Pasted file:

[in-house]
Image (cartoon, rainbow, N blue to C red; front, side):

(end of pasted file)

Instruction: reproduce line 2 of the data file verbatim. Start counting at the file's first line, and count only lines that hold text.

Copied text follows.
Image (cartoon, rainbow, N blue to C red; front, side):